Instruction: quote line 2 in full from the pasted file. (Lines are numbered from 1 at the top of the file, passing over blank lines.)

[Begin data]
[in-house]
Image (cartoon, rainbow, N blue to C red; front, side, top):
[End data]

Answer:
Image (cartoon, rainbow, N blue to C red; front, side, top):